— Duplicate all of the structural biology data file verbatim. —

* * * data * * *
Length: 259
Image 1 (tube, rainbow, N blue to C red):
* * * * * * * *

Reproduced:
Length: 259
Image 1 (tube, rainbow, N blue to C red):